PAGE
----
Larry Silverstein, redeveloper of towers at New York’s World Trade Center site, said he will expand investment in China and enter Israel for the first time to capture rising demand from wealth built on natural resources.
The company currently is focused on building mixed-used development including office, residential and retail properties in the Qianhai district of China’s southern city of Shenzhen, the chairman of New York-based Silverstein Properties Inc. said. In Israel, the developer is focused on hotel and residential properties, because of the country’s growing economy and oil and gas reserves, he said, without elaborating.
Silverstein, after more than five decades of investing almost entirely in New York City real estate, in 2011 made his first foray outside the U.S. in Poland, one of Europe’s most in-demand property markets. He joins non-Chinese developers including Tishman Speyer Properties LP in venturing out into the world’s second-largest economy to capture growing demand.
“My view is that these countries -- U.S., China, Israel and Poland -- are where our future is going to be certainly in the next five years, or probably longer,” Silverstein, 82, said in an interview in Shanghai yesterday. “Because I’m so focused on the best in terms of quality, there’s no time for anything that’s secondary.”
Qianhai is a 15-square-kilometer (5.8-square-mile) zone on the west side of Shenzhen, Guangdong province, that the Chinese government is seeking to develop into a financial-service hub. Companies in the area will be encouraged to sell yuan-denominated bonds in Hong Kong and to experiment with cross-border loans in the currency, the National Development and Reform Commission said last year.
The area, expected to host financial and services companies, was created by China’s State Council in 2010 and has laws that model Hong Kong-style administrative structures.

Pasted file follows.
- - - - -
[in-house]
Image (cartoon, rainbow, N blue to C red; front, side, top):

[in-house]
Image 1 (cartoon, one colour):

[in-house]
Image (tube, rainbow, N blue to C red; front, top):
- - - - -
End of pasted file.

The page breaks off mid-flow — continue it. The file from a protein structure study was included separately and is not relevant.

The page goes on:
Among other places in China, Silverstein is also looking at opportunities in Beijing and Shanghai, where it expects to build communities similar to the World Trade Center neighborhood, he said, declining to elaborate on the amount of the investment.
“There’s enough opportunity in these three cities,” Silverstein said.
Silverstein teamed with Polish billionaire Jan Kulczyk on a 500 million-euro ($659 million) venture to buy and develop properties, beginning in Kulczyk’s home country. They made their first purchase, an eight-story Warsaw office building, in August 2011, and are working on plans to add towers to the Polish capital’s skyline.
The “long-term dynamics” of China will create “enormous opportunities” in the country’s real estate market, Rob Speyer, president and co-chief executive officer of Tishman Speyer, the owner of New York’s Rockefeller Center, said in an interview in Shanghai yesterday.
New York-based Tishman has developments in four Chinese cities: Shanghai, nearby Suzhou, the western city of Chengdu and Tianjin in the north.
Silverstein has rights to develop three of the four towers planned for the 16-acre (6.5-hectare) site where the original World Trade Center stood before the 2001 terrorist attacks.
Silverstein said he is “very confident” about filling up the space that will allow him to build 3 World Trade Center to its full 80 stories.
“As soon as possible, because I’m 82,” Silverstein said when asked when he expects to fill the space. “I need to move this along. I want to enjoy the fruits of all these efforts. No time for green bananas.”
He declined to disclose potential tenants.
Silverstein needs to fill at least 400,000 square feet (37,000 square meters) at the tower, which is slated to have 2.8 million square feet, before the Port Authority of New York and New Jersey will help him finance the project.
Group M, a division of WPP Plc, the world’s largest advertising company, and law firm White & Case LLP have sent statements saying they are interested in taking as much as 1.1 million square feet combined at 3 World Trade Center, two people with knowledge of the negotiations told Bloomberg News in December.
One World Trade Center -- being built by the Port Authority, the site’s owner, in partnership with developer Douglas Durst -- topped out last month at 1,776 feet, making it the tallest building in the western hemisphere.
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